TP-Link TL-WDR3600 - DD-WRT to Open-WRT

A little old? Maybe, but I expect there are still some in service.

I have been running this device since before I knew about Open-WRT. As the expression goes, if it ain't broke, don't fix it. It's happily been running on a very old DD-WRT as an AP with USB and Guest LAN. Recently it's had some Wireless connection issues, and I'm not sure that upgrading to Open-WRT will fix that, but I thought I would try.

I first used the DD-WRT Reset to Factory option in the GUI. Not sure this was needed, but I did it anyhow. I needed to do a 30 second press of the reset button to find the router again.

I then used the wdr3600v1_webrevert.bin file from DD-WRT. While there are posts on this file not being available and it shows on the DD-WRT FTP page as 1KB, if you right-click and use the Save Link As (Windows) the file properly downloads. It can also be found by Googling on other sites. I ran this directly from the DD-WRT GUI. There is a post on DD-WRT suggests using putty or WinSCP, load it up to the tmp folder and upgrade by command line, but I did not need to do this.

It took close to 5 minutes to re-flash to the Stock TP-Link (never bothered to see what version) and reboots to with admin\admin as credentials.

I then went into the TP-Link GUI, directly to the Upgrade Firmware page, and uploaded the latest Open-WRT 19.07.2 (openwrt-19.07.2-ar71xx-generic-tl-wdr3600-v1-squashfs-factory.bin). Unfortunately the file would not load with a message indicating to "select a file". I made a copy and renamed this to a more generic wdr3600.bin. This was accepted and loaded up fine.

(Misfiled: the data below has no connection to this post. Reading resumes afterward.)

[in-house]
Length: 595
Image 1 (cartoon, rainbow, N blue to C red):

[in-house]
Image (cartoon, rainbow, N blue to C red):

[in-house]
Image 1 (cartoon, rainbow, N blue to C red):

I kept a CMD window open with ipconfig at the ready to monitor the IP changes after each flash.

Easy Peasy, about 20 minutes start to finish.

Performance: (with default settings)

  • 5G Read\Write Internet testing max's my connection speed of 50\20 and 2.4G hit 17\18 using
  • WLAN 5G Read\Write are 80\135 and WLAN 2.4G about 22\38.
  • Lan speeds Read\Write are 735\700 which is consistant with the rest on my network.
  • Wireless LAN card is an Intel N-7260
  • I use Totusoft Lan Speed Test (lite) to measure LAN speeds on Windows.

I have also restored the Dumb AP and Dumb AP Guest functionality that I used to have.

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That doesn't apply to operating systems or firmwares, especially of devices connected to Internet. New releases are not just about adding features. Vulnerabilities get discovered and new releases or service packs are developed to fix that.


You are correct, but DD-WRT was too tough to follow with all the forks.

Until recently I was unable to find a viable way to convert to Open-WRT.

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